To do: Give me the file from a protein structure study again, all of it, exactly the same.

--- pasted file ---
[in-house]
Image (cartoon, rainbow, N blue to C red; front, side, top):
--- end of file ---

[in-house]
Image (cartoon, rainbow, N blue to C red; front, side, top):